So, Dale spent the time observing the sights and sounds of the open country. Trees tall and mighty covered the early road and everywhere the din of wildlife. Sure, there were trees in the city and visible from it walls. The city elves even had a large tree they built their alienage around, right there in the middle of the slums. Still, it was different. You didn’t feel the enormous presence of a tree in the city, couldn’t be engulfed by its earthy smells. He never thought of the word “dwarf” to mean diminutive in stature until he rode up alongside a great evergreen, shooting fifty feet and more into the heavens. He never experienced something so pleasant and peaceful to him in his whole life than along that northern road among the trees.
Beasts he saw few of, but he certainly could hear the howls, snorts and rustling, especially at night. So much more than he’d expected. It made the city seem a quiet whisper in comparison. His vision has always been good at night, a gift of his dwarven heritage. He’d stay up many nights just taking it all in. He wondered how the trees grew so tall without fear of floating off into the sea of stars above. He’d not been afraid of that, being so close to the ground. Gunthar often complained of this fear though, the little he did speak. Gunthar was from Orzammar, a fact that Brock had to draw out of him forcibly. Gunthar never spoke of it besides that. Of the three of them, Gunthar was the least disreputable. There was even the rare occasion that Gunthar would be kind and charitable, though he’d grumble about it. Still, Dale knew he had slept some nights with a tiny morsel in his belly because Gunthar went without. Gunthar’s choice did not come as a surprise to Dale, though. It was almost welcome, like the end of a tragic tale.
Past Lothering, the landscape grew pale. Greens and blues were replaced by brown and grey. Trees started to die off, like the dwindling of a great empire. Only empty husks and twisted forms spotted the landscape, as if the land itself shared in Dale’s despair. And it was quiet. It had been days since he’d heard a sing song chirp of birds or light-footed flight of deer. The silence tightened around Dale, pressing him down. The company of the wardens was neither a detriment nor a comfort to him.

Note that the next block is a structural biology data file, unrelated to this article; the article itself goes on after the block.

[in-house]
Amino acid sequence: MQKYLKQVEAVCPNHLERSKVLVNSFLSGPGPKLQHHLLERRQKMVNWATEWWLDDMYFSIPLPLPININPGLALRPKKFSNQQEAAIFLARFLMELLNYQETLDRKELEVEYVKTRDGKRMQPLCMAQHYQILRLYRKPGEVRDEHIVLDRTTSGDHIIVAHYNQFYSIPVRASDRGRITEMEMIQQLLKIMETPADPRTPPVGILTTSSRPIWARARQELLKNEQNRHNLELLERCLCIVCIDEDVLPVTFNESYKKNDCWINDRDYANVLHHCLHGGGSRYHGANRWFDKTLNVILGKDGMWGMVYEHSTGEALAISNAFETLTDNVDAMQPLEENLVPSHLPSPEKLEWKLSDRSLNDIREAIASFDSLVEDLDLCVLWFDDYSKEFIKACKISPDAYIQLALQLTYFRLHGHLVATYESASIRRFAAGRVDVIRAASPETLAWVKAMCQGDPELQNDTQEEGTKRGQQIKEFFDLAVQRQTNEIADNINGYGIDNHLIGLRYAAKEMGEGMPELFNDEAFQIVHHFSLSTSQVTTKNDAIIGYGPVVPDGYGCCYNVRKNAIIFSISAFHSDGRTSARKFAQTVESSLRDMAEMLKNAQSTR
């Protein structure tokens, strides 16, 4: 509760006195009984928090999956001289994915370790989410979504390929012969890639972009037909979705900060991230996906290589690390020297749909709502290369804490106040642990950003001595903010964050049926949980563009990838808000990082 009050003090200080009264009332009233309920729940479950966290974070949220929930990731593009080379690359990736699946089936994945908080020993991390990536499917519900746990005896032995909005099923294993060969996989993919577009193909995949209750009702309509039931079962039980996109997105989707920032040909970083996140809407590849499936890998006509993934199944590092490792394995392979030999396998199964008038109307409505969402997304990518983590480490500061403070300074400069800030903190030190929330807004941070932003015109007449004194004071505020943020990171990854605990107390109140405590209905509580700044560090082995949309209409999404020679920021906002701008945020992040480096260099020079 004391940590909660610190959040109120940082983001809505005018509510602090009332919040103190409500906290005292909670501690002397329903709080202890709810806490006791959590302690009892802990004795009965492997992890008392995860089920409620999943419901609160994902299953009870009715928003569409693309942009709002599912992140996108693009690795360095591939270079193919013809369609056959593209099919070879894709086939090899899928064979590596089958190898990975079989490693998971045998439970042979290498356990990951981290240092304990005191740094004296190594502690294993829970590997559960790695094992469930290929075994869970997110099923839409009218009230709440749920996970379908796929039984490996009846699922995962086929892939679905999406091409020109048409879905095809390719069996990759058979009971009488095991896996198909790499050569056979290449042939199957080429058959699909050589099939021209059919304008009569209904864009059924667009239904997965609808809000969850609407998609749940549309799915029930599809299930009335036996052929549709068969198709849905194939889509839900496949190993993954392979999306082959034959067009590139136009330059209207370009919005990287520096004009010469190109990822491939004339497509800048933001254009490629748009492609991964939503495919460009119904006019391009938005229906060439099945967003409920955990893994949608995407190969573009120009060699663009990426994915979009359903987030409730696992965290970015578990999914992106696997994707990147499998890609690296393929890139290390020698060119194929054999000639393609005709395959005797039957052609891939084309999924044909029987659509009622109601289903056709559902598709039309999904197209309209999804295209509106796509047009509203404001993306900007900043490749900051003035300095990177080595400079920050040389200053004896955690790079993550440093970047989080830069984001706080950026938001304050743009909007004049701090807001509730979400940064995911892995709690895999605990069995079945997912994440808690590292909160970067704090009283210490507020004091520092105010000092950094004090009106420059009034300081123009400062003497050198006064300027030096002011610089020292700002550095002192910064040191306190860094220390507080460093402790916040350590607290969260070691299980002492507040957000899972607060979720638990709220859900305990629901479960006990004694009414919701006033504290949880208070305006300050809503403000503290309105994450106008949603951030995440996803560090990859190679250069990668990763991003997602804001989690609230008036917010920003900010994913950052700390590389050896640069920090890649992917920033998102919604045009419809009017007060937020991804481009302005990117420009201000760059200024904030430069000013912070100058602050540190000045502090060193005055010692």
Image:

He’d heard stories and songs of the wardens, the sort that folks tell while under the inspiration of ale and wine: Grey Wardens and the blight, swords and sorcery, kings and dragons. In those tales, Wardens were heroes, towering and powerful. They’d stood against armies, an endless ocean of darkspawn and saved all the land from its evil. Few against many, Dale felt this way at oft a time, but never in the role of a hero. The wardens around him seemed honorable enough, but it was difficult to envision them sweeping down wave after wave of darkspawn. They were men and women just as he’d seen in Denermin. He heard that dwarves and elves were among their number, but none that he could see in this company. Perhaps it was all a ruse, and he’d find himself hanging at the end of a rope, just as Brock and Gunthar surely have, a kindred fate spanning hundreds of miles. But he didn’t think so. The wardens wanted him for something, at what he could only guess.
Ostagar was a few days away he was told. He could even make out remnants of the great castle and keep along the roadside. Just bits of stone walls and shingles, blasted away in some great battle or another. At passing they appeared nothing significant, as overgrowth reclaimed them back to the soil and ground. However, after study Dale could see angles and carvings that could not have occurred without the hand of man or elf or dwarf. The end of a journey, as with all things, came suddenly when it seemed so distant throughout.